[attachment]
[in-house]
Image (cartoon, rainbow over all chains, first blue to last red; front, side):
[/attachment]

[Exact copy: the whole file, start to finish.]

[in-house]
Image (cartoon, rainbow over all chains, first blue to last red; front, side):